Going Plastic Free at the Student-Driven Sustainability Fair

By Liam ’21

The Punahou community gathered April 6 at an annual campus event to teach and learn about ways to live well while protecting our island Earth. But this year, the name of the Sustainability Fair carried an important dual meaning.

For the second year in a row, the popular fair was organized and run by Academy students – focused on sustainability at Punahou – who demonstrated that they could develop a pipeline of young leaders to keep the fair going for years to come. 

From 2006 – 2013, the Sustainability Fair was put on by Punahou’s Luke Center for Public Service, which recruited students, teachers and organizations to present information and activities about conservation and how to live healthy, sustainable lives. When the tradition ended, students missed it. So last year, with guidance from Luke Center, Shoshana ’17 and Alexis ’19 revived the fair — wanting to share a favorite event with fellow and future students.

This year, Alexis was in charge, with help from a team of Academy freshmen and juniors ready to take the lead in future years. The 2018 challenge was “plastic free,” and many booths adopted this idea. K – 12 Learning Commons Catalyst Mrs. Vanessa Manuel-Mazzullo’s group opted to use glass Mason jars instead of plastic cups in their hands-on activity, which described the United Nations’ 17 sustainable development goalsKōkua Hawai’i Foundation’s Plastic Free Hawai’i program hosted a table that encouraged visitors to make a “plastic free” pledge, such as giving up plastic straws. The recycled art tent, coordinated by Gordon ’19, included the Art Explorium and did not use plastic debris in crafts, to remind people that the best way to reduce such trash is to eliminate single-use plastics in the first place.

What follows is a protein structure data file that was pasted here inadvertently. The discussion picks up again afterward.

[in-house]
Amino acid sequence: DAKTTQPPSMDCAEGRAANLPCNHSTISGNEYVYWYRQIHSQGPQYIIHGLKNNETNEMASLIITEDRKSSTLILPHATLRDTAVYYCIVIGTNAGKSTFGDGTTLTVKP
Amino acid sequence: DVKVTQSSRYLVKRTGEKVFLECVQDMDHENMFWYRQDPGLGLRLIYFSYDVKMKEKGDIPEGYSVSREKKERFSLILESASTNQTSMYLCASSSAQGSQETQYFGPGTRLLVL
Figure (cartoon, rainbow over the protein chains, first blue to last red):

Despite having a solemn message, the Sustainability Fair is also a place to learn from peers in an enjoyable and interactive way. Two fifth-grade classes that presented booths embodied that perfectly: They used fun games to talk about serious problems, such as economic inequality and ubiquitous plastic pollution.

When not educating their classmates, student participants could be seen powering a lightbulb with a hand crank to demonstrate how much electricity lightbulbs use, or riding a stationary bicycle to make a smoothie — the revolving wheels powering a blender.

“I’m really glad to see the Junior School kids participating,” said Lauren ’19, a Fair leader. “It’s a great opportunity for them to not only learn about sustainability, but also teach about it.”

Watching the younger students reminded the Academy student leaders how we became involved with the Sustainability Fair — first as attendees, then as presenters and finally as organizers. I remember being a first-grader at the fair and discovering how tap water and bottled water taste exactly the same. As an eighth-grader, I helped run a booth promoting reef-safe sunscreen (with no oxybenzone). Now, as a freshman, I’m part of the student team committed to continuing a fun event that has a profound message.

As “Aunty Chandra” Peters, the Luke Center coordinator who advises us, said: “It isn’t just about the Sustainability Fair, it’s about sustaining the Sustainability Fair.”